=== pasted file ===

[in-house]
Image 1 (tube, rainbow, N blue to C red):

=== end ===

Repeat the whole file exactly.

[in-house]
Image 1 (tube, rainbow, N blue to C red):